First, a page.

The Pittsburgh Steelers have parted ways with a number of aging talents that epitomized success in the community during the height of their careers. While their on-field assets may have diminished over the years, however, one should not underestimate the ripple effect that their departures could have within the locker room.
While the concepts of camaraderie and leadership may be somewhat elusive when it comes to the team chemistry of a sports team, there is no doubt some truth to the idea that these qualities help build a winning team, especially when it comes to a game as interconnected with one another as is football.
The last several offseasons have seen some quality championship characters exit stage right, and their vacant lockers no doubt diminished the overall character of the room as a whole. Just recently, the team saw both Ike Taylor and Troy Polamalu retire, even if their departures were already in the plans for this spring.
While the Steelers do maintain a select body of leaders within the locker room, which I have already explored, it’s equally important for them to foster a group of emerging players who can enter leadership roles of their own in time.
The next most logical candidate for developing into a future leadership role would be, I think, David DeCastro, which may especially be the case if the Steelers and Ramon Foster end up parting ways after this season.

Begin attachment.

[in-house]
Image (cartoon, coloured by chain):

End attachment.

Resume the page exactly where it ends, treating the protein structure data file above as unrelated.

I think it’s pretty clear that DeCastro is, if not the second-best, than at the very least the second-most talented offensive lineman that the Steelers have, behind center Maurkice Pouncey, who has already been to the Pro Bowl four times.
DeCastro would be the next logical choice among the Steelers’ linemen to end up in the Pro Bowl. He was a known alternate in 2013, and may have been as well, although the list of alternates was kept quieter starting with last year’s Pro Bowl.
Speaking of quieter, DeCastro has a reputation for being the strong, silent type, which followed him from college to the pros. And that’s fine, it’s just his type of personality, and one I can relate to. You don’t have to be a rah-rah loudmouth type of locker room presence in order to be a leader. See Troy Polamalu or Heath Miller.
DeCastro has broken the ice over the past couple of years as he’s grown more accustomed to his teammates, his environment, and life in the NFL in front of the media. He’s never going to be the gregarious sort in front of the media, but behind the scenes, he has the capability of being a leader within the offensive line room.
It starts, of course, with leading by example. The Steelers utilize him in a prominent role, as the key fixture of one of their cornerstone rushing plays, so that already puts the spotlight on him, and gets him noticed even by the casual observer who doesn’t follow offensive line play.
He may never be the vocal leader type, but I believe he is the type who, when he does speak, others will listen, because they know it will be meaningful. As long as he has the success on the field to back it up.